In 1987, the United Nations signed into being the Montreal Protocol, an international treaty an international treaty that targeted chlorofluorocarbons, or CFCs, for elimination — substances that threatened to diminish the Earth’s protective ozone layer.
Even in the nearly 35 years since the Montreal Protocol, research shows that the treaty was largely effective in protecting the ozone. The ozone shields the Earth from the sun. Depletion of the ozone would have taken away our protection from the sun and its ultraviolet rays, causing increases in skin cancer and other sun damage. According to atmospheric and climate scientist Dr. Paul Young of Lancaster University in the United Kingdom, the new normal would be the stuff of science fiction.
“It would be a catastrophic world,” Young said.
And even if the Montreal Protocol hadn’t help save us from incredible harm by the sun, research now indicates that the treaty had other beneficial effects.
Young is the lead author of a recent study published in Nature called “The Montreal Protocol protects the terrestrial carbon sink.” The study shows that in addition to protecting the ozone, the Montreal Protocol also prevented a significant loss of sequestered carbon. Without the treaty, higher levels of carbon dioxide would have remained in the atmosphere.
Across several modeled scenarios, Young and his team concluded that without the Montreal Protocol, there could have been 325-690 billion metric tons of additional carbon not sequestered by the end of this century. This unsequestered carbon could have resulted in 115-235 parts per million of carbon dioxide in the atmosphere. This much added carbon dioxide would increase the Earth’s temperature by up to 1 degree Celsius, or about 1.8 degrees Fahrenheit — a seemingly small but catastrophic amount.
Photosynthesis is the process by which plants grow — they take carbon dioxide out of the atmosphere and use it as fuel. An output of this process is oxygen. Therefore, photosynthesis allows for carbon dioxide to be removed from the atmosphere and become “sequestered” in plant matter, or biomass. Since greenhouse gases like carbon dioxide are a driving contributor to climate change, carbon sequestration is important.
But according to Young, increases in ultraviolet light result in decreases in plant biomass. In other words, plants don’t grow as much. If there had been no Montreal Protocol, the ozone could have been depleted and the Earth’s plants exposed to more ultraviolet light. This would not only hinder their ability to sequester carbon, but would result in less plant biomass over time, which further decreases the amount of photosynthesis that can occur.
“So, the photosynthesis itself takes up less carbon dioxide, but also as the plants get smaller, because they’re growing less, then there’s less of them as well to take up more carbon dioxide,” Young said. “You end up with this vicious cycle.”
Young and his team focused on two modeled scenarios. The first was the “world projected” scenario, which accounts for the Montreal Protocol and depicts its effects on the climate through the end of this century. The other was the “world avoided” scenario that essentially assumes that the Montreal Protocol never happened and that CFC levels continued to grow by 3% per year.
The results, said Young, are conservative. They did not model a situation wherein the plants die of exposure to ultraviolet light, as other researchers might have done. In their models, plants grow less and less productive with increased exposure. Additionally, they had to allow for some variability as they scaled up to the global level. The Earth’s surface is highly differentiated, and different ecosystems would likely be affected by ultraviolet light at varying rates.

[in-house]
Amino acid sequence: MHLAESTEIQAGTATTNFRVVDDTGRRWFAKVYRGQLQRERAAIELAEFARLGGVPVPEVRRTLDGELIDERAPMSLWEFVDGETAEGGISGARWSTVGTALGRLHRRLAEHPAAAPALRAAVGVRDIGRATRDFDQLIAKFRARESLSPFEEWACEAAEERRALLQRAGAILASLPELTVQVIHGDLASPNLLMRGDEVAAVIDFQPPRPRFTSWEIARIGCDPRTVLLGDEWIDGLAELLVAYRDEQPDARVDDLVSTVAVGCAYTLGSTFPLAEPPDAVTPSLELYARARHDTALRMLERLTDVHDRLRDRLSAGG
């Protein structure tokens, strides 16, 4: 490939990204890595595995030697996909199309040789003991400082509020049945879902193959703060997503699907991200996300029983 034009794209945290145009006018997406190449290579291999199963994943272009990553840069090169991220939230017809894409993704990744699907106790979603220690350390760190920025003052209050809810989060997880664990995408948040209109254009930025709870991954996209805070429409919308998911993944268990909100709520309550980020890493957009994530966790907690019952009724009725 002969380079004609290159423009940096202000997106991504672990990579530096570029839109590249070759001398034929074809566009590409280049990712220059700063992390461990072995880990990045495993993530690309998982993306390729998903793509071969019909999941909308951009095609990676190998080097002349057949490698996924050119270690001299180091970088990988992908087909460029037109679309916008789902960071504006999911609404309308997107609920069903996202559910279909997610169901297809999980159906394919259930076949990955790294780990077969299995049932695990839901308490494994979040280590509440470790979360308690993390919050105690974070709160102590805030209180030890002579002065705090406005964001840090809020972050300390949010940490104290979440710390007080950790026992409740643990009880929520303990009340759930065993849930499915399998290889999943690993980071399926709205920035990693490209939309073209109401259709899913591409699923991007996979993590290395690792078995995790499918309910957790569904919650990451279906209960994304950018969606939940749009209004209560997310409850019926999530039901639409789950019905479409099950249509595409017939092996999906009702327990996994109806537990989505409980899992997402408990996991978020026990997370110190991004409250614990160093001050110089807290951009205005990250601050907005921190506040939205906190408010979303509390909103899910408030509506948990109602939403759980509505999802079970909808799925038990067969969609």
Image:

Though the Montreal Protocol allowed us to dodge the world avoided scenario, sequestered carbon faces other climate change-related threats. Disturbances can release carbon from where it is stored and make it available for conversion back to carbon dioxide. According to Dr. Christopher Osburn, North Carolina State University professor of marine, earth and atmospheric sciences, these disturbances are largely characterized by storms, sea level rise and land-use changes.
Big storms flush landscapes of carbon, transporting it through streams and rivers to slower-moving, receiving waters like estuaries. Estuaries have longer residence times. That means the water doesn’t turn over as quickly, allowing for organic carbon to be converted back to atmospheric carbon dioxide.
In 2019, Osburn published a paper in Geophysical Research Letters about this process by looking at how Hurricane Matthew affected carbon cycling in North Carolina. He estimated that in the two months following Hurricane Matthew, the Pamlico Sound and the Neuse River estuary released a combined 79,000 metric tons of carbon dioxide. That is equivalent to the annual emissions of 17,000 cars.
While the effect of storms on carbon storage is significant, direct human activity also influences carbon storage in North Carolina.
“Long-term changes in land use, where we alter the hydrology, we alter the land cover, can also facilitate and may exacerbate these problems,” Osburn said.
‘A proven case’
Coincidentally, Young’s paper comes on the heels of the International Panel on Climate Change’s 2021 report, which contained a particularly dour assessment of the future of the climate. It is possible, said Young, to find a streak of hope in his Montreal Protocol paper: The treaty itself is a proven case of research and action on an international level, with results that effectively protected the ozone and battled climate change.
But, Young said, there is so much still to be done.
“The future can be different, the past could have been different,” Young said. “And that in itself, I think, is something we need to hold on to.”